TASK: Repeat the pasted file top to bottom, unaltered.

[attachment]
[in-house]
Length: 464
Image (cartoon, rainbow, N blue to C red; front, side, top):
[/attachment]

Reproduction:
[in-house]
Length: 464
Image (cartoon, rainbow, N blue to C red; front, side, top):